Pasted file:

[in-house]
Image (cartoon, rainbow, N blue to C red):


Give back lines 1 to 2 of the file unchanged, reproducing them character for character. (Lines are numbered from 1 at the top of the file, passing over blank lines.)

[in-house]
Image (cartoon, rainbow, N blue to C red):